Finding hope for Malaysia in 2015

By Bridget Welsh
Jan 1, 2015

COMMENT Difficult is an understatement for the year Malaysia had in 2014. Today marks a new beginning, an opportunity for assessment and moving forward.

With so many Malaysians suffering from bouts of despair with the national leadership on both sides of the political divide, I wanted to take an opportunity to share some positive observations on the present situation and the country’s future.

Despite all the challenges the country faces, it is vital not to be blinded by negativity. Doing so will let the dark forces that have been fanned since 2013 win. Malaysians deserve better – a hope for change and the promise of better governance.

While acknowledging the devastating tragedies of last year as well as the deterioration in race relations and the woefully inadequate performance of political leaders, I highlight here developments and lessons that are strengthening, and can further strengthen, Malaysia.

Caring Malaysia

There were important bright spots in 2014 that should be recognised. On multiple occasions Malaysians came together across faiths in their shared humanity.

Malaysians are a generous people in giving and empathetic with others. Malaysians regularly stop when a person is in trouble, and this is often in spite of real concerns over crime. They also open their purse strings when there is need, as we are seeing with the bounty of contributions to those suffering from the flooding.

There is a deep sense of community that even in the face of adversity binds Malaysians together. Outreach across faiths and genuine caring for others’ well-being was more evident in practice than the politicised racial vitriol. This was most obvious during the airline disasters and flooding emergency, but illustrated elsewhere as well.

Recall the outrage over the attempted closing of the homeless shelters in Kuala Lumpur, or the multiple incidents where the country’s Twitter network reached out to help find a missing loved one. When it matters, Malaysians come together for one another.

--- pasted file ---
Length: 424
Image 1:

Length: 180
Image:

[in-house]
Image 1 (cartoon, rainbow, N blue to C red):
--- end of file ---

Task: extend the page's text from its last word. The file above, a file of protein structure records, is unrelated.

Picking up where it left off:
No longer silent majority

2014 was also the year the silent majority found its voice. It is speaking in a noisy room, but there nevertheless. After almost two years of dangerous extremist language, growing irrational anger, and often sheer stupidity, more are coming out to advocate the views of those of the largely silent majority.

Much has been made of the Eminent 25, an important group of the Malay elite. They are not alone. Pharmacist Syed Azmi Alhabshi, whose well-meaning ‘Touch a Dog’ programme to promote understanding across faiths, was appreciated (as testimony of the crowd) and the abuse and threats he faced for doing so were not well-received.

There is also strong public support for much-needed checks on the abuses of the unaccountable religious authorities who continue to think they are the ‘chosen’ ones to persecute innocent people like the Borders bookseller. There is similarly broad disdain for confiscation of other faiths’ holy texts, their desecration and endorsement of the urging to ‘burn’ religious texts – a shameful disgrace for any human being, least of all supposed leaders.

This is just not right, and ordinary Malaysians acknowledge it, even if the political environment is such that it is hard to say so in public without facing a battery of attacks. From the excessive cancerous corruption to everyday criminality, Malaysians are concerned and speaking out against these problems.

This is not new. Voting patterns since 1999 show that citizens want a fairer and better government, one that respects and listens to them. This is not going away, even if the Election Commission is acting in a non-transparent manner to further manipulate the electoral system by offering greedy political parties new seats.

Lessons from disasters

The list of problems the country – any country for that matter – faces is always long. What matters is how the leadership responds to it – the solutions.